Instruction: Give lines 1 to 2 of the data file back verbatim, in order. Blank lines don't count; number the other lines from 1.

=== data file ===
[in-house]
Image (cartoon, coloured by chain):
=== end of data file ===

[in-house]
Image (cartoon, coloured by chain):